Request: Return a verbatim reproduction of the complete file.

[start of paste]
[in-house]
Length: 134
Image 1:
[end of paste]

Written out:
[in-house]
Length: 134
Image 1: